Dismiss Notice
Join Physics Forums Today!
The friendliest, high quality science and math community on the planet! Everyone who loves science is here!

I've got a shiny new idea.

  1. May 31, 2004 #1
    It's called alternate realities. I think alternate realities are a bunch of fun. As I understand it, an alternate reality could, theoretically, be created when there is a choice. Like right now I could choose to post this, or I could choose not to. And as I understand alternate realities, it's like the timeline splits. The timeline that's led up to this moment splits in two. In one reality I do post all this crap. In one, I don't. It can all get really complicated if you add in all the choices being made in the universe. I wonder, how could this exist? Would a choice create like a duplicate universe? And how could the timeline split simultaneously? Would two simulataneous choices produce four separate realities? And most importantly, to me, assuming alternate realities exist, how could one travel between. How could one leave one reality and enter another? And to expand on that, what effects would it have to travel between realities? Would you cease to exist, would you become whatever representation of you there is in the new reality? That's cake for thought.
     
  2. jcsd
  3. May 31, 2004 #2
    The question is do you really have a choice?
     
  4. May 31, 2004 #3

    Alkatran

    User Avatar
    Science Advisor
    Homework Helper

    Whenever I watch tv, and they're talking about alternate realities, the "If I flip a coin it could land heads ot tails. In one reality it lands heads, in the othe..." and I ALWAYS rolls my eyes because:

    If the realities were EXACTLY the same up to this point, what in the world would case the character to put an extra X amount of forced into that coin, giving it enough energy to do another turn before hitting the floor? So, coin flips should always end up the same.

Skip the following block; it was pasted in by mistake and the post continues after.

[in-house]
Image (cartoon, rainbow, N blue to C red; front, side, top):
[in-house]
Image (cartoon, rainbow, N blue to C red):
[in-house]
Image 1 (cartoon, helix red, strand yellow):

I suppose the real question is, once you get down to a low enough level (think quantum physics) are things really determined? How long does it takes for these random occurences to make an observable difference?


    Writing this post brought to mind the episode of Futurama where they enter an alternate reality where all coin flips end up opposite of what they were. (pretty funny)
     
  5. Jun 2, 2004 #4
    Yeah, Futurama's hilarious. Rupert Murdock will pay for cancelling it. :mad:
     
  6. Jun 2, 2004 #5
    Wait, do you you have a choice about what? Do you mean, "Do you have a choice about wether to travel between realities," or are you just trying to sound smart?
     
  7. Jun 2, 2004 #6

    LURCH

    User Avatar
    Science Advisor

    I think he meant, "do we have a choice about anything?". Like, you said, "Like right now I could choose to post this, or I could choose not to...". But oyu did. Maybe there was never a chsnce that you might not post it. As with the coin toss Alkatran used in his analogy, if you exist in a universe in which you were raised with exactly the same history and given exactly the same stimuli all your life, how could you make any different decission than you actually did?